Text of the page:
The lighter, cheaper version of the published word turns 75 this year, and it remains the lifeline for many writers and publishers
It was the year 1966, and Paul McCartney wrote a song called Paperback Writer. It was about a writer who was desperate to get his work published. As it was then, so it is now. As it turns 75, the paperback book remains the sure way for a writer to reach the masses.
OK, we are cheating a bit. Strictly speaking, the paperback is a little older than 75. The first paperback got published in 1931. But this pioneering effort by German publisher Albatross Books failed to attract any takers. It was only in 1935 — when Sir Allen Lane launched the now legendary Penguin Books — that the paperback took off. The high quality books priced at 2.5 pence — the same as a pack of 10 cigarettes — were a runaway success. The age of the paperback was upon us.
At that time, paperbacks were associated with cheap science or pulp fiction. Publications like Bantam, Ace, Dell and Avon, which were not really into serious literature, became extremely successful on the back of this medium. They were more interested in selling quick-fix science fiction bought by students near technical schools or by travellers looking to kill some time in the train.
Over time, the paperback widened its appeal to include most bestsellers, reprints of classics and literary fiction. The hardcover version is now reserved for coffee table books or other books that readers are likely to shell out money for.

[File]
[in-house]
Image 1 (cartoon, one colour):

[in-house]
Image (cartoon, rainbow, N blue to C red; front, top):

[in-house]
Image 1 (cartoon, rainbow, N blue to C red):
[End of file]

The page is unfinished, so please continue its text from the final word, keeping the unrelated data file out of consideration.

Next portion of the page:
Charles Stross, a science fiction writer, who has studied the economics of book-selling, says in an article, “a well known international book retailer found out that with every $1 rise above $24, the book sales for a hardcover fell by 25 percent. If you price the same book for $26 then the sales will be actually be 60 percent of the sales that you would do at $24”. So hardcover books are very difficult to sell beyond a certain price. In other words, readers are very sensitive to hardcover prices and the demand is highly elastic. And that is where paperbacks win.
In India, nobody illustrates the paperback phenomenon better than Chetan Bhagat. Each of his three books have sold around a million copies and he is, by far, one of the best Indian success stories as far as paperback English fiction is concerned. This success was primarily due to the pricing which, in turn, was possible only because the paperback format allowed it. Bhagat’s books are sold at Rs. 95 and that has opened a new market.
This is probably the reason why Rupa Publications — publisher of Bhagat’s books — is launching many more authors in this market. It has figured out a way to cut costs in every respect and has kept the mass market customer in mind. Now, most publishing houses are following suit. Penguin Books has launched Metro Reads, a mass market brand. Most paperback books by Indian writers are sold in the range of Rs. 100-200 per copy depending upon the content, positioning and marketing strategy of the publishing house.
“In spite of changes in technology, or the launch of the Kindle [Amazon’s e-book reader], the paperback will always be there. Apart from some certain specialty publications or certain business books, almost everything is in paperback”, says V.K. Karthika, publisher and editor, Harper Collins, India.
The paperback book is still what it was — bringing pulp and general fiction to the masses at a lower price. Maybe the e-reader will change that. But in India, there is still time for that age to dawn.
The paperback will live on till then. Even beyond the writer who wrote it. Beyond the Beatles that sang about it.